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Internet Music Lessons and the Touring Musician

By Steve Eulberg

Like many musicians, I have found teaching to be the butter for the bread of performance. Truthfully, the balance between performing and teaching helps me survive as a working musician. I simply love sharing the music with public and private audiences, and equipping them to participate in the creative process.

Steve Eulberg teaching dulcimer class

Steve Eulberg teaching dulcimer class

When I began my private studio I was teaching unusual instruments (mountain and hammered dulcimers, mandolin, bowed psaltery, Irish Bodhran and African hand percussion) as well as guitar. This has turned out to be a good niche for my interests, skills and experience and led to my establishment of the annual Colorado Dulcimer Festival in Fort Collins, which just completed its 7th year. I am also on the road teaching at festivals across the US about once a month, which I link with performances to, from or near the festival region; in short, the life of a touring (and teaching) solo musician.

I’ve been drawn to acoustic folk instruments, and because I am a part-Luddite (resisting new technologies), these proclivities may make my story a bit surprising. The development of my private music studio was concurrent with my development of an internet presence for my music and music lessons.

It began when a computer programmer who heard me play at a local open mike scanned my postcard-schedule and posted it to the internet and then sent me an email to let me know he’d done that (back in 1998.) Because I was busily making these postcards and spending money to mail them out, I immediately saw the potential of having my performance and teaching schedule available on the world-wide-web. So, I developed my first webpage. Over the years I would post photos of my students’ recitals and make my recordings and published books and lesson materials available for sale, had my products included at Amazon.com and cdbaby.com (and then iTunes) and various other avenues for disseminating music.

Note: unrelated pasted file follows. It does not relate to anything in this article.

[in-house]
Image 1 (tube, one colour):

To further develop my understanding and teaching skills, I earned a Master of Music Education degree from Boston University, where I was in the second graduating class of their on-line program. It was amazing to me that I could study at this level and interact with my professors, facilitators and peers through this internet medium, do it from home, and from such disparate places on the road as urban Berlin, Germany and rural Evart and Oscoda, Michigan. I was better equipped to teach my private students, and this education helped equip me to work at the junior high level in our local school district for three years.

What I didn’t know is that I was being prepared for the opportunities that were not yet present, and which now occupy a good deal of my time as a music educator. Through an email, I was approached in 2005 by Jeff Booth, a young northern Colorado man with computer programming and internet experience who wanted to offer guitar lessons on the internet. Together with his partners he had formed www.JamPlay.com and they were looking for teachers. After meeting to explore the idea of offering video lessons that would be posted on the internet via their website, I filmed an audition tape and became the first teacher they hired.